When families think about estate planning, they usually focus on how to transfer financial assets, such as money, property, art, and other material assets. However, there is a critical element missing. When thinking about estate planning, families should also consider legacy planning. After all, that is what they are conveying: their legacy, not merely their estate and assets.
According to an online Allianz American Legacies “pulse” survey, participants overwhelmingly voted that a family legacy encompassed more than a financial inheritance. In fact, family stories and values were deemed more important than the transfer of assets. Legacy planning— unlike traditional estate planning—includes the transfer of financial wealth as well as the family’s mission, traditions, values, stories, and meaningful memories.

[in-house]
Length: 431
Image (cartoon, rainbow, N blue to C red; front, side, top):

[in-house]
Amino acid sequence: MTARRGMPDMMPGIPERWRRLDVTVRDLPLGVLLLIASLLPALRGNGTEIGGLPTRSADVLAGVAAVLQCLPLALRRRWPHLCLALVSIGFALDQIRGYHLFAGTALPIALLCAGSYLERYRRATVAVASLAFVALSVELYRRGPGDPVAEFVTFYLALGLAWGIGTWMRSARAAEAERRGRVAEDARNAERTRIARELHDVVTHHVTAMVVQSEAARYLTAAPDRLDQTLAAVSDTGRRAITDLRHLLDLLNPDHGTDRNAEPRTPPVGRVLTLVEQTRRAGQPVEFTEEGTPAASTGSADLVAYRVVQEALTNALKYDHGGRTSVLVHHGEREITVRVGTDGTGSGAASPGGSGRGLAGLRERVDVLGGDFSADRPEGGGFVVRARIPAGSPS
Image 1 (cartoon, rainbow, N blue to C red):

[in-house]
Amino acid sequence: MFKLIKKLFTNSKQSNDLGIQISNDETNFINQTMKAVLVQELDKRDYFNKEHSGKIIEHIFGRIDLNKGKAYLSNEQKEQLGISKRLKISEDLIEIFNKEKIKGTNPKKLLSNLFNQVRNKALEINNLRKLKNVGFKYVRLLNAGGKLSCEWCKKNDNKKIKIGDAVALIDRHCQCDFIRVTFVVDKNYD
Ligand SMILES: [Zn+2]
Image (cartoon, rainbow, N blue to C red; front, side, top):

While the concept of legacy planning resonates with many families, there is a difference between the idea and the practical implementation. Families that successfully transfer their legacy first develop a thorough plan, mission statement, constitution, and framework for open dialogue. Here is a list to help families start thinking about the legacy they wish to leave for the next generation.